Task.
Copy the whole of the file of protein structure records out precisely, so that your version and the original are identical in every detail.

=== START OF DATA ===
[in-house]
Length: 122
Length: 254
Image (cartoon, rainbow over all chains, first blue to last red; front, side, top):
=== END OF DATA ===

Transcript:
[in-house]
Length: 122
Length: 254
Image (cartoon, rainbow over all chains, first blue to last red; front, side, top):